Installing the SDK

Installing the Band 2 SDK is as easy as installing the NuGet package Microsoft.Band which I did from the package manager console in Visual Studio and seemed to get ‘success’ !

image

At the time of writing, I always have a tense “Will it install?” moment when grabbing SDKs from Nuget and trying to install them into UWP projects so I was happy that this one seemed to “just work”.

The SDK docs are then a big PDF document that seems to do a pretty good job of explaining things but I’ll add my own little experiments below.

Connecting to a Band 2

The SDK walks you through getting a connection to a Band which I think can be summarised as;

      var bands = await BandClientManager.Instance.GetBandsAsync();
      
      if (bands?.Count() > 0)
      {
        var client = 
          await BandClientManager.Instance.ConnectAsync(bands.First());

        // Do something...
      }

and that was a piece of code that worked the first time I wrote it and ran it on my phone (which is paired with my Band 2). I should say that I’d modified my manifest to include;

image

but I didn’t manually hack the manifest XML file as suggested in the SDK, I just used the manifest designer here.

So, I’m connected to my Band 2. What can I now do?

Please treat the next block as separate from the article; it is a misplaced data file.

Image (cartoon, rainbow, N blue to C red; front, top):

Reading from Sensors

There are a bunch of sensors on the Band 2 and accessing them seems pretty simple. There’s even a ‘Sensor Manager’ that handles it for you although I’ve often been told off for naming classes “XYZManager” in the past Smile

If you imagine that the code below is from a code-behind class in XAML and that there is a TextBlock on screen called txtStatus;

      var bands = await BandClientManager.Instance.GetBandsAsync();
      
      if (bands?.Count() > 0)
      {
        var client = 
          await BandClientManager.Instance.ConnectAsync(bands.First());

        var contact = client.SensorManager.Contact;

        // Do something...
        DispatchedHandler handler = async () =>
        {
          var status = 
            await contact.GetCurrentStateAsync();

          this.txtStatus.Text = status.State !=
            BandContactState.Worn ? "Put your band back on now!" : "Glad you are wearing Band";
        };
        handler();

        contact.ReadingChanged += (s, e) =>
        {
          this.Dispatcher.RunAsync(CoreDispatcherPriority.Normal, handler);
        };
      }

then this code does what you expect – it monitors the user as they put their Band 2 on/off.

I found that code worked pretty well given that I’d spend maybe 1-2 minutes on it and apologies for the slightly obtuse (i.e. lazy) way that I’ve written and invoked the event handler inline inside of this function.

If I wanted to read from another sensor like the heart rate sensor then that’s pretty easy but it requires a couple of extra steps – I set up an interval for the reading to occur and I also have to ask for permission;

      var bands = await BandClientManager.Instance.GetBandsAsync();

      if (bands?.Count() > 0)
      {
        var client =
          await BandClientManager.Instance.ConnectAsync(bands.First());

        var hr = client.SensorManager.HeartRate;

        var allowed = (hr.GetCurrentUserConsent() == UserConsent.Granted);

        if (!allowed)
        {
          allowed = await hr.RequestUserConsentAsync();
        }
        if (allowed)
        {
          // choose the smallest interval